The next product she spoke very well of is emu oil. This is a derivative of emu secretion and, again has miraculous healing power for all sorts of disorders, notably frozen shoulders, muscle pains and rheumatoid arthritis. Listening to Helen talking about how she became a convert was equally captivating, dramatic and mind-boggling. Many of her past clients have become friends and would call her to speak of and update her on the various clinical cases. She would never keep such details from her new acquaintances.

Other products included deer velvet, cod derivatives, abalone, various honey and lanoline derivatives, and others. Helen spoke of the herd mentality during the trip with a thinly veiled innuendo that she was the sheep dog and we, the herd, but none of us took offence, and indeed I think many of us were happy to have her as our guide and leader for eight days and are looking forward to meeting her in future.

Talking of sheep dogs, you may have heard that Bush had included in the budget he recently presented to Congress expenses for an increase of 10,000 German Shepherds, over the present establishment of 8,000, to be explosives sniffers for the army, following the event of last September. The demand for these dogs has however caused a more than ten-fold price increase, from US$2,000 each in September to more than US$20,000 included in Bush’s Budget.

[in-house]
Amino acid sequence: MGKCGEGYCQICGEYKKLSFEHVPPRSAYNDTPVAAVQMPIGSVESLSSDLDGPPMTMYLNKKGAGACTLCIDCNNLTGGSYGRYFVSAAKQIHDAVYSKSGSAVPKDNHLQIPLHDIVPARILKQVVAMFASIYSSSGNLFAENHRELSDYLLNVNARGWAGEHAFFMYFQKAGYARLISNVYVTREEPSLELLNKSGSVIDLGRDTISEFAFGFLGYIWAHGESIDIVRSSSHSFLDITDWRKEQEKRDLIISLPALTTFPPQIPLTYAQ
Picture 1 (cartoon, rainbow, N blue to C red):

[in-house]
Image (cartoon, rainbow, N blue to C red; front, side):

There are many more interesting statistics I picked up from my new friend. For example, the ratio of sheep to human is 16.7 to one, cattle 8, deer half; and the population of New Zealand is 3.8 million with 3 million in the northern island; and so on. It seems that we cannot live without statistics.

Back to my new friend Helen, I had a chance to talk to her briefly about Rotary in general and my involvement in the District in particular. She said she would be interested in attending a Rotary club meeting. That would be a good start.

Today is the first Sunday of Lent in the Catholic calendar. Ash Wednesday was last Wednesday. Pope John Paul in his Lenten Letter urged the faithful to contemplate on a message from Matt 10:8, “You received without paying; give without pay.” I humbly join the pontiff to plead you to do the same, whoever you are and whatever your faith. If my new friend can sojourn on, believing in her own ability to make a difference in the world and in the people she meets by bringing out the best of herself and giving without questioning without the benefit of Rotary, think what you can achieve as a Rotarian.

Talk to you again later.